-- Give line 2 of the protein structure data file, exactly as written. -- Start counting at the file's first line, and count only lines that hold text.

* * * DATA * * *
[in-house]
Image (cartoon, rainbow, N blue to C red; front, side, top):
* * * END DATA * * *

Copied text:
Image (cartoon, rainbow, N blue to C red; front, side, top):